Forex trading has come of age, as its popularity has soared over the past decade, but that does mean that we can turn a blind eye to the possibility of fraud, especially if it disguised within a cloak of bad business practices. The Commodity Futures Trading Commission (CFTC) and the National Futures Association (NFA) are the “policemen”, if you will, in this investment arena, providing regulatory oversight and administering a host of programs to protect and educate the average consumer/investor.
Retail forex trading is now a safer environment, indeed, due to the tireless work of these two organizations, but, despite many arrests and convictions, there will always be a criminal element within our society that attempts to prey on the unwary. As any security professional will tell you, your first line of defense against these thieves is awareness. Once you understand how you could be possibly duped, then it is up to you to be skeptical and ever mindful of where danger may be lurking. Listen to your gut, then be prepared to walk the other way.
A vast majority of the participants in the forex industry, however, are legitimate, but the Internet has lulled us into a false sense of security when dealing with the “unseen” business partner on the web, allowing our trust to be obtained rather easily. When you add greed to the equation, the fraudster can ply his various schemes with ease.
Your primary focus will be on your broker, but you must also be wary of fund managers, software and signal providers, and just about anyone with a clever marketing pitch that promises high rewards with very little risk. Here are a few tips to guide your protective efforts:
- Overseas Forex Brokers: There are plenty of them, and many got their start in London, the financial center of foreign exchange. Look for longevity, as a rule, and validate that they are in compliance with a good regulatory agency. Rules are not as strict as in the U.S., and a few brokers may cross the line occasionally. A safe broker will always segregate your deposits in a Tier-1 bank, far away from their operating offices. The favored fraud scheme is to promise large sign-up bonuses to get your initial deposit, but when it comes time to withdraw, you run may into a stonewall. Just remember that trying to exert your legal rights in a foreign jurisdiction is fraught with peril.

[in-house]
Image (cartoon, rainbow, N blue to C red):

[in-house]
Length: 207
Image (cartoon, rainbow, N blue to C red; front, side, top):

- Domestic Forex Brokers: Be careful here, too. Check with the CFTC for registration credentials and that they maintain the proper level of net capital. Experience counts, but review testimonials to validate claims made.
- High-Yield Investment Programs (HYIP): Beware any program that promises an easy path to riches or high returns with little risk. This tip applies to both brokers and all marketing types that wish for you to buy their management expertise, trading robot, system, or signal service. If it were so easy, why aren’t they off making millions instead of pressuring you for a few bucks? If it sounds too good to be true, it most definitely is in the forex world.
- Re-quotes, Slippage, and Stop-Loss Hunting: Market makers, as opposed to ECN/STP brokers, can be tempted to manipulate the bid/ask spreads offered. Good brokers do not do this, but if you notice a high prevalence of questionable executions of your orders, then it may be time for a change.
These are a few tips to help get you started, but the CTC website can help broaden your awareness, the key to fraud prevention.
To find a trusted forex broker for you, visit http://www.forextraders.com/forex-brokers.html